Besides my yahoo e-mail, i have another e-mail which i rarely use. Infested with cobwebs and rust, i logged on to that account last week so that it won't expire. I was surprised to find an e-mail from one of my closest buddies.

Most of the time we have been contacting each other through e-mails, from the time i first came to Russia while he was still in Malaysia, right after he returned back to Malaysia after a year in Australia. He told me that he wanted to keep all of those old emails as they were precious to him, like a diary of sorts. We recalled back the time when he was so much into this girl, that he went as far as writing an instrumental song for her on the guitar. He's a wonderful guitarist with a liking for jazz and classical music. He e-mailed me that song and i liked it very much. Eventually, he never got the girl.

Long gone are the days when letters were the only mode of long distance communication, replaced by more modern ways of e-mailing and facebooking. Collecting stamps was once considered a noble hobby, i don't know whether the hobby still exists or not. My sister used to collect stamps.

I read Hamka's 'Tenggelamnya Kapal Van der Wijck' last summer while i was down with influenza like illness, and the bulk of the novel are letters written between two lovers. And i thought there were elements of Hamka's style in Habiburrahman's writings. I wonder whether there are still people who are stuck in that period of time in this modern era just for the sake of reviving tradition. Are there still people writing letters, besides those official ones, love letters to be precise? Handwritten, the warmth of a sheet of paper folded into an envelope, you actually have that emotional substance in it.

My mom told me that she used to write letters home while she was at a boarding school in Johor, and would intentionally cry and let the tears shed on those letters so that they will have that drying effect afterwards. My mom was that creative, but she missed home very much.

I might not have experienced that, but i am sure i will still keep on replying e-mails to this friend of mine. Maybe i am just a backward kind of guy, but i, too, enjoy writing and reading lengthy e-mails.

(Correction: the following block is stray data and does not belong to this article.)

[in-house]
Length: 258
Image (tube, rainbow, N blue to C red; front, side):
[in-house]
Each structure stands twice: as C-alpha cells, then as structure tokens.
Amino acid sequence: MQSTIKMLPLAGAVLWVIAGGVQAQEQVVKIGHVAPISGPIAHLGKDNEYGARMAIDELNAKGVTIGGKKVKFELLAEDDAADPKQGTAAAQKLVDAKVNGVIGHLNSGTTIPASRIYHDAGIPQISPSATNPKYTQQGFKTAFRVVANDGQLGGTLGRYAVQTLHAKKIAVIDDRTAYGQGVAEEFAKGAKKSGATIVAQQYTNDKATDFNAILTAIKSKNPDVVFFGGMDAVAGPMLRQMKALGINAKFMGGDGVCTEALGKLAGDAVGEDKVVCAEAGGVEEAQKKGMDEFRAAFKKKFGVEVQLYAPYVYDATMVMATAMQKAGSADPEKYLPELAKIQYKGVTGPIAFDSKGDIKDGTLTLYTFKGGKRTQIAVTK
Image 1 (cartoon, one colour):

'I love emails. Thank you whoever created them for allowing me to preserve my memories.'

4 comments:

Maher said...

we see changes every day, but the classic way of doing things has advantage in having 'that certain kind of feel', maybe because it involves personal touch or maybe just because it reminds of the past.

i wonder, in primary school we were taught to write ayahanda, bonda, kakanda - who writes that today r?

oh man, really love tenggelamnya kapal van der wijck, a book i accidentally found in junior's closet during inspection and then borrowed it. the first book written by hamka which i read.

QifA said...

Nobody picks up a pen and write a letter when he doesn't need to address anything. So i bet those people who wrote letters in the past had important things to write, thus that emotional attachment glues together with each letter.

I have that book in my room right now. Matpih asked me to bring it to Volgo last summer.

Perempuan beremosi tinggi. said...

awwwww you read habiburrahman.

QifA said...

i didn't read it cik perempuan beremosi tinggi. I was surprised to find out why he was so famous and then my sister recommended reading Hamka instead of Habiburrahman.

So where's your blog.i've been wanting to read your writings.

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